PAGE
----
The Octagon Gallery is much more about Afro combs in the context of recent history, culture, race relations and racism.  A very popular design of plastic Afro combs has a Black Power fist on the handle; there was a huge picture of Tommie Smith and John Carlos raising their fists on the Olympic podium in 1968.  After watching a huge number of podium ceremonies during last year's Olympics, I had a much stronger emotional reaction to this picture than when I first saw it.   Other things that affected me strongly in this room were the set of combs narrating the story of the Jamaican maroons, and the personal stories submitted by visitors to the exhibition, especially the story from a woman whose hair grew back differently after chemotherapy.  (Both [personal profile] kaberett  and I have mothers who are still with us thanks in part to chemotherapy - and my mother's hair also grew back differently.)  On a lighter note, I really loved the Jamaican souvenir comb made from wood and recycled bicycle spokes.

There is a book accompanying the exhibition for sale in the museum shop, and a rather thicker book on the topic of Afro combs.  I bought the former, along with some postcards from the exhibition.  There was a smaller selection than I had expected, and I may go back with my camera to attempt some photos of my favourite pieces.

We did not make it to the companion installation at the Museum of Archaeology and Anthropology, which finishes on 28th September, but I may try to get there while there is still time.
rmc28: Rachel smiling against background of trees, with newly-cut short hair (Default)
Last Thursday we had local elections, and the weather was so nice, I managed to get sunburned after spending most of the day outside delivering, telling & knocking up. Such a contrast to last year, where I shivered in multiple layers and had changed clothes three times by lunchtime.

I took Charles with me to vote on the way to school, and we met one of his friends and her mother doing the same thing.  I cast a proxy vote for the first time, which meant they sent me round once with my friend's ballot paper, and once with my own.

I paced myself fairly well with the day's campaigning but by the time I picked up the children from nursery and kidsclub and got them home, I was worn out and unable to face speaking to strangers, even by phone knock-up.  So I got the children fed with Jonny's help, and put them to bed, and dozed with them for a bit before my father rang to catch up and make arrangements for the weekend.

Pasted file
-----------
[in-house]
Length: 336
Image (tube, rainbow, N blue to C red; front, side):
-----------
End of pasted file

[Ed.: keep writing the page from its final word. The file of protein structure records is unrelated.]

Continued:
(For those that are interested in the election results, Phil Rodgers again has good coverage on his blog, with a quick results-in-Cambridge post and a much more detailed follow-up.)

I had a quiet day at home on Friday, before we travelled to the west country to see my father for the long weekend.  We used the Travelodge in Swindon as a base, and took the bus to Cirencester on Saturday, and to Avebury on Sunday.   The weather was lovely on both days, and I realised at the end of our time at Avebury that I had sunburned again and more thoroughly.  Everyone else was fine: the baby had sunscreen & the others are either more sunproof or better at staying covered and in the shade.

The bonus extra of our little trip was a couple of hours in the pub with my dad's wife and her children on Sunday evening. It has literally been years since we got to spend time together with them all and it was a real pleasure to do so.

rmc28: Rachel smiling against background of trees, with newly-cut short hair (Default)
Tony & I were walking home through the city centre, sometime between midnight and 1am this morning, when a rattling noise caught our attention. We turned to see a couple cycling in their wedding outfits, with tin cans tied to the rear wheels of their respective bicycles. Tony called out "Ah! Just Married!" and I called out "Congratulations!". We got a cheery wave from both before they turned onto another road, and we walked on laughing a bit.

We were on our way back from the lovely and cheerful wedding of [personal profile] cryptogirl and [livejournal.com profile] pjc50 at Corpus Christi. I saw little of the service, thanks to a grumpy baby, but the wedding breakfast, speeches, and disco in the bar were all enjoyable and made more so by his lordship mostly sleeping through it all. And then we toddled our way back through the summer night slightly tipsy with one child in the bike and one in the buggy and set the world to rights a bit as we went.

rmc28: Rachel smiling against background of trees, with newly-cut short hair (Default)
It exited Cambridge 5 minutes walk from my house, so as I was awake in time, I walked up to see it go by. As it happened, there was a changeover just opposite the end of my road, so there was a bit more to see than usual. Lots of locals gathered, smiled at a lot of known faces, and walked back home most of the way with the family of one of Charles's friends.

Changeover

Some rather better photos taken by friends who have srs cameras and got up early to queue for good spots by the river:

Torch Onna Punt by [livejournal.com profile] fivemack (Facebook)
Torch Onna Punt by [livejournal.com profile] ewx (Flickr)

rmc28: (babysitter)